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The Lotus Effect

Shedding Suffering & Rediscovering Your Essential Self

Entries in lotus effect (13)


Consciousness Is Its Own Broom

Suzuki reports the following curious exchange between Yun-men (a Zen master) and a fellow monk.  When asked “Who is Buddha?” Yun-men said:  “The dried-up dirt cleaner.” 

To my analysis, this a rather profound response, although it doesn’t seem so at first.  After all, Buddha as a dirt cleaner?  What does that mean? 

Let’s take a look.  But first, a word about the meaning of “buddha.”  There’s nothing religious about this word—it simply means “awakened, aware” and originates from the Pali verb budh, meaning “to awaken." Thus, the term “buddha nature” can be taken to mean animated nature, nature that is aware. 

Buddha nature is consciousness.  Here’s the Dalai Lama equating buddha nature with consciousness:  “This consciousness is the innermost subtle mind.  We call it Buddha nature, the real source of all consciousness” (1988, 45).  Indeed, consciousness, since it exists, is part of nature and its defining characteristic is that it is aware.  In fact, the two words “consciousness” and “awareness” are functionally interchangeable. 

So, what did Yun-men mean when he described Buddha as a dirt cleaner?   Perhaps that buddha nature (consciousness) is self-cleaning. 

Consider a lava lamp.  Within it there is wax (the substance, the essence) and then there are various forms that it takes (the information).  The mind is made of consciousness, just like any given wax-form is made of wax.  As the wax moves, it self-cleans: through constant movement, it continuously sheds one form after another.  It is the very movement of the underlying wax substance that accounts for the arising and the cessation of any given form.  It works the same way with consciousness: in its continuous, uninterrupted flow, consciousness cleans its own house—each thought, feeling, and sensation that emerges eventually passes. 

Consciousness is its own broom.  It takes out its own mind-garbage.  In its ceaseless flow, consciousness wipes its own slate clean time and again.  Information ripples through consciousness like a wave across the ocean until it eventually fades out.

Here’s what Thich Nhat Hann, a noted Buddhist thinker, says on this point in Opening the Heart of the Cosmos: Insights on the Lotus Sutra:  “The wave does not have to seek to become water—she is water, right here and now. In the same way, you are already a Buddha.”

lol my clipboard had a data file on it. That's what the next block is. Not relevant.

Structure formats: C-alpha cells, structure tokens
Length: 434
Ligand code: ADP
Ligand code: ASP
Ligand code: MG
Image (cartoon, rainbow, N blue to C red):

If so—if consciousness, like water, is self-cleaning—then why should you bother with an identity (informational) detox if there’s never been a thought that didn’t go away?  The point is to help the process along, to tone down the informational tsunami, to learn to surf the mind-waves without drowning.


Excerpt from Lotus Effect: Shedding Suffering and Rediscovering Your Essential Self


Self is a Stereotype: Correct It!

There is a story in Zhuangzi (a Taoist book named after Zhuangzi, a 4th century BCE Chinese philosopher) that goes something like this...

A master carpenter Shi and his apprentice are walking through the woods in search of a good tree. The apprentice sees a great big old oak tree and asks his master why he walked past it paying it no attention. "Oh, enough with that," the Master exclaims, "don't even talk about this one!" The Master Carpenter then explains: "This tree... it's so bad that if you made a boat, it'd sink; and if you made a coffin, it'd rot; and if you made a roof, it'd leak... This tree is good for nothing and it's exactly because it's so useless and worthless that it's been standing here so long..."

Are the Master and the Apprentice looking at the same tree? Not likely.

It'd seem that this parable is about stereotypes. The Master is right: the tree he is describing used to be no good, after all, he has seen it so many times while in these woods, looking for a good tree to work with. With time, the Master has come to ignore the tree -- and, ignored, the tree has been spared to grow into a great big tree that the Apprentice is noticing. The Apprentice -- free from the perceptual stereotype - is seeing the tree for what it is...

But what is the Master actually seeing?

The Master is seeing his own thought: the stereotype of the tree is super-imposed onto the actual tree. The Master has projected a thought of an ugly, good-for-nothing tree onto an actual tree. And, instead of seeing the actual tree, he is staring at his own thought as if he was staring at a tree, unaware of the difference.

Mindfulness (meditation) is when you see a thought as a thought without confusing a thought of a tree with an actual tree.

This parable, as I interpret it, is not about the tree but about the so-called Self. Here, in the West, we are used to thinking that we have a Self. In the East, in Buddhism and Taoism, Self is seen as an illusion.

When we think of a Self, we think of a thought that somehow summarizes and encapsulates our essence. But that is, of course, nothing but a stereotype. Like a tree, we constantly grow and change. And any self-defining, thought-long description of our Being inevitably reduces and over-simplifies our nuanced complexity.

What are we referring to when we are referring to our "Selves?" Are we looking at what is or are we "seeing" our own projections of what once was?